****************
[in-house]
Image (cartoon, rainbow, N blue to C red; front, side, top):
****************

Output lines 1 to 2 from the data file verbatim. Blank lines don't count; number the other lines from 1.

[in-house]
Image (cartoon, rainbow, N blue to C red; front, side, top):